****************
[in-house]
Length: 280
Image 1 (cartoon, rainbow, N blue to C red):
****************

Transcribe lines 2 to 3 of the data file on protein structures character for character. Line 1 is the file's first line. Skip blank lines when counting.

Length: 280
Image 1 (cartoon, rainbow, N blue to C red):